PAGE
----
Everyone is familiar with the concept of depression, and many have experienced it firsthand. Estimates state that as many as 15 percent of adults will suffer from depression at some point in their lives. Still, despite its prevalence, there is a lot about depression that many do not understand. When, how, and why depression strikes can look vastly different from one patient to the next, largely based on the specific type they are battling. Unbeknownst to a large portion of Americans, there are actually several forms of depression outside of the well-known Major Depressive Disorder (MDD), including the following five.
Persistent Depressive Disorder (Dysthymia)
Persistent depressive disorder, or dysthymia, is characterized by milder symptoms than major depression, and sufferers are often able to continue with their day-to-day tasks. However, these symptoms also last for much longer. Whereas episodes of MDD may last for two weeks or longer, persistent depressive disorder can last for years without relenting.
Depressive phases lasting weeks or months are a classic sign of bipolar disorder. However, the key difference for patients suffering from this illness and MDD is the presence of manic phases as well. During a manic phase, which can also last for weeks or months, patients may have high levels of energy, require little sleep, and impulsive decision making.
Seasonal Affective Disorder (SAD)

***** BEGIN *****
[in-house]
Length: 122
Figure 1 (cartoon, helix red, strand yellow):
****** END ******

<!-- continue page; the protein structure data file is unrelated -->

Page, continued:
For sufferers of seasonal affective disorder, symptoms of depression coincide with the seasons. Most often, this occurs during fall and winter, when the days become shorter. One potential factor behind SAD is that those affected may be particularly susceptible to the changes these months bring about on the body’s circadian rhythms.
Postpartum or Perinatal Depression
Depression that occurs during or in the year following pregnancy is known as perinatal or postpartum depression. As many as 20 percent of women who give birth are believed to experience this form of depression to some degree. While the exact factors are not fully known and may change from one patient to the next, it is largely believed that hormonal changes, neurochemistry, and a patient’s own life experiences all play a role.
Premenstrual Dysphoric Disorder (PMDD)
Women who suffer from PMDD may begin to experience symptoms of depression following ovulation and up until the start of menstruation. Again, this is a form of depression which is believed to be connected to fluctuating hormones. It may also be influenced by serotonin, a chemical in the brain whose levels can fluctuate throughout the course of menstruation.
Depression is never a cut and dry mental illness. It comes in many forms and is influenced by a wide range of variables. One patient’s experience with depression can be vastly different from the next. In order to fully understand their own situation, patients should seek the medical help of a psychiatrist who can give a specific diagnosis and prescribe medication which can play a vital role in successful treatment.
If you feel that you are experiencing the signs and symptoms of any form of depression, contact Psychiatry Associates of Baton Rouge, and request an appointment with one of our board-certified psychiatric physicians.